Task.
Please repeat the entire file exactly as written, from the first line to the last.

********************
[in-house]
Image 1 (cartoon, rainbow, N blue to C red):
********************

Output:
[in-house]
Image 1 (cartoon, rainbow, N blue to C red):